Joel Gregory writes in his book Too Great a Temptation that W.A. Criswell used to say, "Don't ever look back son. No regrets. Ever." I personally think that Criswell's advice is pretty good stuff, but setting it aside for a day or so I thought I might reflect on a few regrets I have about blogging on this the 500th post of Grace and Truth To You.
(1). I regret . . . that my opinion of some people whom I've never met-- and those same peoples' opinion of me -- is entirely based upon what is written. As a result, the truest understanding of a person that comes through eye contact, sensing one's spirit and enjoying one's unique personality is missed. This causes me to wonder if friendships will never be developed with certain persons once we meet because of preconceived biases, on both sides, that may not be accurate.
(2). I regret . . . I did not learn sooner that there is no need to answer every silly slander or accusatory attack by people who don't like what I'm saying. Some seem to feel it necessary to attack me because they view me as 'a threat.' But if Jesus was silent before His accusers, maybe we His disciples ought to be silent as well when falsely accused.
(3). I regret . . . that my writing is not always as clear as I would like it to be. Sometimes my grammar, spelling, and thought processes suffer due to a my desires to meet a self-imposed deadline, a lack of proper proofreading, or simple stupidity on my part.
(4). I regret . . . any post that questioned anyone's motive. Only God knows the heart. I believe it is absolutely essential for me to post what I believe to be the facts but stay clear from assigning motives like the Old Testament saints stayed clear of leprosy.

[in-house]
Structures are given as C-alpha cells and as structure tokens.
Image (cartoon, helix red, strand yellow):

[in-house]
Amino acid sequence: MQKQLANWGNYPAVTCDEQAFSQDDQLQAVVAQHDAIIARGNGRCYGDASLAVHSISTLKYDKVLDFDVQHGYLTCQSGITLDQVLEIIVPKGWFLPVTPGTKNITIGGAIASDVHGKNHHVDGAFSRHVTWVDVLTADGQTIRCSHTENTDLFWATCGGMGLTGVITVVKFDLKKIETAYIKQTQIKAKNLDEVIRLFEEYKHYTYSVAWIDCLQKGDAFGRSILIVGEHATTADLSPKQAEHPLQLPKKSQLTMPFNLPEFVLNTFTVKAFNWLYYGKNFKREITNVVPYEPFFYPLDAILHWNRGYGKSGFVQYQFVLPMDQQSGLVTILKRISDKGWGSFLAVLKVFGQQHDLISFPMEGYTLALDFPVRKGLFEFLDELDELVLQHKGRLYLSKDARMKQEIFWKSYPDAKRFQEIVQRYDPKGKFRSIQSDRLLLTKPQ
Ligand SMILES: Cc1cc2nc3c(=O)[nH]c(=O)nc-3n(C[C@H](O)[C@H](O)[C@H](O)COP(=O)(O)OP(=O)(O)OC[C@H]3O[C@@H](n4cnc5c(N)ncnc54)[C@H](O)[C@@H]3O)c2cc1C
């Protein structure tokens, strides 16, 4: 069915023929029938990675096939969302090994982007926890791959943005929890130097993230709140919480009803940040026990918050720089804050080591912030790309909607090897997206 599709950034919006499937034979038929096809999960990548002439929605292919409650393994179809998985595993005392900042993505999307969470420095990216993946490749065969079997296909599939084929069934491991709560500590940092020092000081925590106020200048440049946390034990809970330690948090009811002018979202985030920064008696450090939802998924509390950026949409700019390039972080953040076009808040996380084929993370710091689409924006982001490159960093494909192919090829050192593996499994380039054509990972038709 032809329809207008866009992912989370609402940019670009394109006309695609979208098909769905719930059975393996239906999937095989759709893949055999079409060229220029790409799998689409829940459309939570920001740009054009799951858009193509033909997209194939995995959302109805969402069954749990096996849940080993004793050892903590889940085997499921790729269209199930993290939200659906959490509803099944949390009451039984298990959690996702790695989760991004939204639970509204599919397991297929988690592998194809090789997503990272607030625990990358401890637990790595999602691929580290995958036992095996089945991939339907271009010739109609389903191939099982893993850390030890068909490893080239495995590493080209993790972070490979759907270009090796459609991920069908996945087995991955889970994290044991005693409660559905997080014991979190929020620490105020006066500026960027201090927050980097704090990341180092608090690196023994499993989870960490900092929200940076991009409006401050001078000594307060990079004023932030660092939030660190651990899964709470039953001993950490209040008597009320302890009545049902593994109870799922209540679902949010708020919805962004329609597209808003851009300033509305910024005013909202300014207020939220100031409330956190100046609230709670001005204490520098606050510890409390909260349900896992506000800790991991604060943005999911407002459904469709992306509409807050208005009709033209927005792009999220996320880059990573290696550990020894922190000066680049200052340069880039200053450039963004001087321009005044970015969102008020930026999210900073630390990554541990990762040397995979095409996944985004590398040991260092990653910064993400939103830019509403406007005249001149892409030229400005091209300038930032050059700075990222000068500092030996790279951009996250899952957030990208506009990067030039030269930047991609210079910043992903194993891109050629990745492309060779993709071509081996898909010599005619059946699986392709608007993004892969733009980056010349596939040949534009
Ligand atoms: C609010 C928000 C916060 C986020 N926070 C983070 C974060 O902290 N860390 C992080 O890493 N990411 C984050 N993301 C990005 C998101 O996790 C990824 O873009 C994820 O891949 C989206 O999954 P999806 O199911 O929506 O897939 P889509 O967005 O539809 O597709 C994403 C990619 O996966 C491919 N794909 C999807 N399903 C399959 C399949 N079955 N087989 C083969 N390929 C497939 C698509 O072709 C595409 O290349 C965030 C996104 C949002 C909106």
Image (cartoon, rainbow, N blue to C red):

(5). I regret . . . blogging if just one person ever despaired of participating in SBC ministry or missions because of reading my post. I truly wish to be positive about everything SBC -- even when I write of things that concern me.
(6). I regret . . . that I don't have a better sense of style and understanding of blogging technology to make my blog look better or function better.
(7). I regret . . . that I can't spend more time answering questions in the comment string, or responding to unique comments on my posts. There is a limit to my resource of time and I have chosen to spend most of my blogging time on the post and simply read the comments from some excellent commentors - and learn from them - but not necessarily dialogue with them.
(8). I regret . . . that sometimes when I am writing a post I represent an opposing viewpoint in absolute terms, or characterize people who believe certain things using statements that labels them or polarizes them. Though those who know me understand I accept everyone who disagrees with me, respect every viewpoint that is opposite of mine and cherish the freedom that Baptists have historically valued -- I sometimes write in such a way that I unintentionally cast a negative light on those who believe differently than I. I truly regret this fault of mine.
(9). I regret . . . that blogging was not available 30 years ago at the beginning of the conservative resurgence in the Southern Baptist Convention. I truly believe that had blogging been available then, some of those who were hurt, disenfranchised and falsely accused of major doctrinal or theological error could have shown through their writing that they were in reality theologically conservative.
(10). I regret . . . blogging when I should have been playing golf. :)